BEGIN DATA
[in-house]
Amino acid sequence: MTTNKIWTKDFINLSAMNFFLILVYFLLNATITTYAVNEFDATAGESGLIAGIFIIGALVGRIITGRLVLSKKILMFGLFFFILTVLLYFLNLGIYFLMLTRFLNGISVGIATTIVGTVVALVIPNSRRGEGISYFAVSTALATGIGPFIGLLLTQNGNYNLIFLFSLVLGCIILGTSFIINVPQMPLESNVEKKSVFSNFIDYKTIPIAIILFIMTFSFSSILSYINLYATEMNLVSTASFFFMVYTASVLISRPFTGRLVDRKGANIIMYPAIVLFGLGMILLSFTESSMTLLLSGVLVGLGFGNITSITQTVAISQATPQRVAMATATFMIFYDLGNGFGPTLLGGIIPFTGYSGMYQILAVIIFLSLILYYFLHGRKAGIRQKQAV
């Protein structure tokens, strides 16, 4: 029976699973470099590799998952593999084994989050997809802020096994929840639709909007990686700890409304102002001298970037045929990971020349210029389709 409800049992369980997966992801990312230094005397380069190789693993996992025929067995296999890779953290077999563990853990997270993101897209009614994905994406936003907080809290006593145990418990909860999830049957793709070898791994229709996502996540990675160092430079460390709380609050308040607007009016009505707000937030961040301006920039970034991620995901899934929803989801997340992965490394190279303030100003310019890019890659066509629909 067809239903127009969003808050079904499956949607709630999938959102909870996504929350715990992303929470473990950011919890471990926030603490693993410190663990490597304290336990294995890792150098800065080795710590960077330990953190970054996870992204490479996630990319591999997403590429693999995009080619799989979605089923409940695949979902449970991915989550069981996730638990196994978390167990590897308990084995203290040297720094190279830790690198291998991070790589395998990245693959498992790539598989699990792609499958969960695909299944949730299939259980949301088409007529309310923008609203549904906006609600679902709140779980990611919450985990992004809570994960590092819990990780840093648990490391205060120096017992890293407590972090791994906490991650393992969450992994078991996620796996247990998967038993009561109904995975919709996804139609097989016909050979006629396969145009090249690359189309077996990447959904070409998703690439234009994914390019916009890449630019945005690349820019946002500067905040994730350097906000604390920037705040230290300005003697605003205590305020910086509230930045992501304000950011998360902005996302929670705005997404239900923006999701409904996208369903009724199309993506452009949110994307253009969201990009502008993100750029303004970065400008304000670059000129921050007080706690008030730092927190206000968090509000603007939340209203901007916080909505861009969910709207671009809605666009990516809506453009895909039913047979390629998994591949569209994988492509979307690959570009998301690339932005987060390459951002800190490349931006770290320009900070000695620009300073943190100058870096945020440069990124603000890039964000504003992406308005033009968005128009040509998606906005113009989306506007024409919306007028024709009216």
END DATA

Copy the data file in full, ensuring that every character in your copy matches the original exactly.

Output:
[in-house]
Amino acid sequence: MTTNKIWTKDFINLSAMNFFLILVYFLLNATITTYAVNEFDATAGESGLIAGIFIIGALVGRIITGRLVLSKKILMFGLFFFILTVLLYFLNLGIYFLMLTRFLNGISVGIATTIVGTVVALVIPNSRRGEGISYFAVSTALATGIGPFIGLLLTQNGNYNLIFLFSLVLGCIILGTSFIINVPQMPLESNVEKKSVFSNFIDYKTIPIAIILFIMTFSFSSILSYINLYATEMNLVSTASFFFMVYTASVLISRPFTGRLVDRKGANIIMYPAIVLFGLGMILLSFTESSMTLLLSGVLVGLGFGNITSITQTVAISQATPQRVAMATATFMIFYDLGNGFGPTLLGGIIPFTGYSGMYQILAVIIFLSLILYYFLHGRKAGIRQKQAV
């Protein structure tokens, strides 16, 4: 029976699973470099590799998952593999084994989050997809802020096994929840639709909007990686700890409304102002001298970037045929990971020349210029389709 409800049992369980997966992801990312230094005397380069190789693993996992025929067995296999890779953290077999563990853990997270993101897209009614994905994406936003907080809290006593145990418990909860999830049957793709070898791994229709996502996540990675160092430079460390709380609050308040607007009016009505707000937030961040301006920039970034991620995901899934929803989801997340992965490394190279303030100003310019890019890659066509629909 067809239903127009969003808050079904499956949607709630999938959102909870996504929350715990992303929470473990950011919890471990926030603490693993410190663990490597304290336990294995890792150098800065080795710590960077330990953190970054996870992204490479996630990319591999997403590429693999995009080619799989979605089923409940695949979902449970991915989550069981996730638990196994978390167990590897308990084995203290040297720094190279830790690198291998991070790589395998990245693959498992790539598989699990792609499958969960695909299944949730299939259980949301088409007529309310923008609203549904906006609600679902709140779980990611919450985990992004809570994960590092819990990780840093648990490391205060120096017992890293407590972090791994906490991650393992969450992994078991996620796996247990998967038993009561109904995975919709996804139609097989016909050979006629396969145009090249690359189309077996990447959904070409998703690439234009994914390019916009890449630019945005690349820019946002500067905040994730350097906000604390920037705040230290300005003697605003205590305020910086509230930045992501304000950011998360902005996302929670705005997404239900923006999701409904996208369903009724199309993506452009949110994307253009969201990009502008993100750029303004970065400008304000670059000129921050007080706690008030730092927190206000968090509000603007939340209203901007916080909505861009969910709207671009809605666009990516809506453009895909039913047979390629998994591949569209994988492509979307690959570009998301690339932005987060390459951002800190490349931006770290320009900070000695620009300073943190100058870096945020440069990124603000890039964000504003992406308005033009968005128009040509998606906005113009989306506007024409919306007028024709009216």